Although it can accumulate in many organs, the target organs for mercury in the body are the kidney and the brain [1,2]. High levels of mercury are known to cause renal damage in occupationally exposed patients. A group at the University of Calgary showed high Hg levels in various body tissues 29 days after twelve amalgam fillings were placed in one sheep . A later experiment by the same group in one monkey showed similar results . In addition to other organs, there were particularly high levels of mercury accumulated in the stomach and gastrointestinal systems of the animals studied, particularly the sheep. The mercury accumulation was therefore most likely more from swallowing large amounts of amalgam scrap during placement than of the restorations . As a ruminant animal chewing 15 hours per day, the sheep probably swallowed particles of amalgam from the fillings as they chewed. These factors combined with the fact that each experiment was done only on a single animal with no controls make the studies' relevance to humans questionable.
The Calgary group reported in 1991 that mercury from amalgam placement impaired kidney function . Kidney function was measured in sheep for two weeks before and 30 and 60 days after twelve large occlusal amalgams were placed. The authors reported that the renal glomerular filtration rate as measured by the clearance of inulin was shown to be lowered by 60% afterward. Anti-amalgamists have claimed that this study shows that dental amalgam placement in humans leads to kidney damage.
However, the study was criticized by a group of renal physiologists  for several reasons. There were questions about whether the inulin could truly have "equilibrated" before the glomerular filtration rate was measured, and methods "so poorly described that they are not possible to understand." In addition, although Boyd et al  described 60% decreased GFR (chronic renal failure), other data actually showed improved kidney function. For example, plasma urea and urinary albumin levels decreased. Finally, the authors did not show any evidence of kidney damage since renal histology was normal.
In contrast, a human study of 100 adults in 1995 measured urine N-acetyl-beta-glucosaminidase (NAG) along with urine mercury . Sixty-six subjects had amalgam fillings; 34 did not. Those with amalgam fillings excreted slightly more mercury and slightly more NAG than those without, but the authors conclude that this small increase in NAG excretion is probably of no clinical significance.
Other studies on humans have failed to show any renal dysfunction. In one study, all amalgam fillings of ten healthy people were replaced with gold inlays . Blood and urinary mercury output was measured before and after amalgam removal and compared periodically for twelve months with a control group of another ten people without amalgam removal. Blood and urinary output of mercury increased immediately after amalgam removal, and then declined to significantly lower than preremoval levels. Although urinary albumin was significantly higher twelve months after amalgam removal, the levels were still within reference intervals. An analysis of many biochemical indices showed there were no differences in organ function before or after amalgam removal.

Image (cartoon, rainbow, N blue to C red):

In a study on ten subjects, glomerular filtration rate was the same one week before and sixty days after amalgam removal (an average of 18 surfaces), and there were no detectable effects on the excretion of N-acetyl-ß-glucosaminidase (NAG), ß2-microglobulin, or albumin, indicating that dental amalgam had no effect on renal function . In another study of 48 randomly selected young men, 23 had no amalgam fillings, 23 had 1 to 6 surfaces of amalgam fillings, 1 had 9 surfaces, and 1 had 17 surfaces . The investigators found no relationship between the number of amalgam surfaces and urinary protein levels normally indicative of tubular and/or glomerular lesions. They concluded that amalgam fillings did not cause renal dysfunction in this study.
Dentists typically have higher mercury concentrations than other people with amalgam fillings. A 1991 study of dentists screened in the United States in 1985 and 1986 with urinary mercury concentrations as high as 115 µg Hg/L showed no renal dysfunction as measured by serum and urine ß2 microglobulin concentrations, serum creatinine and creatinine clearance . There was also no relationship between the level of urinary mercury and potential kidney dysfunction. Similar results were reported in a 1997 study of Swedish dentists screened in 1990 .
Dr. Wahl practices dentistry in Wilmington, Delaware. This article was originally published in Quintessence International 32:696-710, 2001, and is reproduced here with the kind permission permission of Quintessence Publishing Co. The author thanks Drs. J. Rodway Mackert, Ivar A. Mjör, and Fred Eichmiller for reading the manuscript and offering several helpful suggestions.